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Fedora and bug tracking

Fedora and bug tracking

Posted Oct 3, 2013 11:17 UTC (Thu) by johannbg (subscriber, #65743)
Parent article: Fedora and bug tracking

Given that Red Hat slapped the community hard in the face yesterday on the fesco meeting with " basically if whatever they come up with doesn't work for RH, it's a non-starter." in relation to setting the "new" direction of Fedora. An clear cut message across the community as well to potentially new contributors that says...

"Here come and join Fedora we will allow you to do everything but influence or participate in anykind of direction that project might take but we do our best effort making you feel like you actually are making a difference"

An truly a dark day in Fedora community history taking place there with Red Hat essentially acting as Canonical towards the Fedora community.
I feel compelled to point I have been part of Fedora QA longer then the entire current Red Hat's Fedora QA staff.

That staff is made entirely out of individuals outside the community that come and go as people do in any regular job and the community cant rely on so I ask of you in your future articles to make an clear distinction of the Fedora QA community members and Red Hat hired and planted staff to work on Fedora QA under various made up titles within that company that have no meaning out in the community.

Adam Williamson for example is not from the Fedora community, he never was but was hired and planted into the community through a made up position from within the ranks of Red Hat.

An position that now is being shared by two individuals ( or the new one which has replaced Adam which means he's leaving either Red Hat or to do something else).

And dont mistake me, he and a lot of RH employees go on and beyond their corporate duty and try to do their best to make Fedora succeed ( both within the community as well as fight for it's right within Red Hat ) and stay true to the community spirit so one cannot blame it's entire staff but people should be aware of how Red Hat operates as a company and how in reality it's treating the community.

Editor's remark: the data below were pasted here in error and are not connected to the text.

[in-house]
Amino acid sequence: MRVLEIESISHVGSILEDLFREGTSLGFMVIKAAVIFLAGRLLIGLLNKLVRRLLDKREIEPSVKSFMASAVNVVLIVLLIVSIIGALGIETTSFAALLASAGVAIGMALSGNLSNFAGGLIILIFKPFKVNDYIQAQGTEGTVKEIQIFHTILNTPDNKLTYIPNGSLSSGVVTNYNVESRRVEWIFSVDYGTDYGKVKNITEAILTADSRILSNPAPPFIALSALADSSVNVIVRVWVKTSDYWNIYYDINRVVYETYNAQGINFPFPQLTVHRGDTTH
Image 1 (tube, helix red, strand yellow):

Now the article is mostly spot on with the exception that you failed to mentioned that the triaging efforts within the distribution have failed 4 times which I'm pretty sure Bill was already aware of when he responded with "triagers".

As well as Matthias response which makes a point which I do believe many share

"Upstream bugzilla has advantages for us as developers - we can use
git-bz to attach patches, and splinter to review them, which is very

The main advantage of downstream bug reporting at this point is, as far as I'm concerned."

It was also pointed out outside the mailinglist ( irc ) that in Gnome for example they need an upstream report for most fixes since a lot of gnome modules require commits reference to an upstream bug report in the commit message.

Another point was made ( on irc ) that we as an downstream are giving our users binaries but upstream usually can only debug using source, which points out another problem that a lot of people can't rebuild complete upstream code outside the the distribution.

And this problem is not limited to distribution.

If we take for example bugzilla it's an hit an miss for reporters depending on subsystem.

In the end of the day( as got pointed out as well on irc ) the only thing that matters is talking to your devs through the interface they find effective by the person which can reproduce it locally ( be it the reporter,the triager,the packager ).

Our part in Fedora QA is to find the most effective way of having the bug reported in our distribution fixed for our userbase not let them rot in our bug tracker like many do [1].

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Fedora and bug tracking

Posted Oct 4, 2013 14:52 UTC (Fri) by ovitters (subscriber, #27950) [Link]

If bugs are reported quickly upstream (e.g. GNOME), then more people are aware. We can track the bug, nominate it as a blocker. Figure out the state of the project, etc.

But that doesn't really matter in this topic. The discussion is related to if the upstream bug should be filed by the package maintainer, or by the person reporting the bug.

Going through the article, it seems that there are multiple needs and it is expected that you can only have one solution. I think that's wrong.

For Fedora, you want to have an overview of important big impact bugs. It doesn't matter if this is a list compiled via upstream bugs or not. You need to be aware of big issues and work on them. Part of those bugs are purely upstream bugs, but you will still need to be aware of them.

Then for any release, the QA process also needs to handle releasing a new image. I don't get why suddenly this is mixed together with the other needs. If QA would write this down on a paper, used a telephone to call people and that works for the QA process, then why not use that?

Then you have packages with either an overworked maintainer, or a package which plainly does not differ from upstream (no patch). Why not just send this upstream directly?

You could have a real packaging bug (error in description, URL, whatever). That is another need.

IMO the various needs need to be written down. Don't immediately look for technical solutions.

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